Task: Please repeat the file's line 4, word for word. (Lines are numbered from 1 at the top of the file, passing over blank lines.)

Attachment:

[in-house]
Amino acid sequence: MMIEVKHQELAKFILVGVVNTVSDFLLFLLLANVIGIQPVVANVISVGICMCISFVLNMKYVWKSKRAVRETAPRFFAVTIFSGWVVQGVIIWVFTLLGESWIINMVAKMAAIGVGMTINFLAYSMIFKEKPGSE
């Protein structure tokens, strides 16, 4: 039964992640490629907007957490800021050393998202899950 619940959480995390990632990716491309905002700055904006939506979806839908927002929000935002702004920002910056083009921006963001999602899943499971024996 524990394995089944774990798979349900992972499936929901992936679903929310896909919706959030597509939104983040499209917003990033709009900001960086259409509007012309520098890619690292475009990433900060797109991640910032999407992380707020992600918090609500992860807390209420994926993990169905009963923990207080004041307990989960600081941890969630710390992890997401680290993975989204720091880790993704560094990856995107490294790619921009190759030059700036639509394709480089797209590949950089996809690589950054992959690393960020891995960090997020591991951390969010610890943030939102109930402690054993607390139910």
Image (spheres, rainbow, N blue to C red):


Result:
Image (spheres, rainbow, N blue to C red):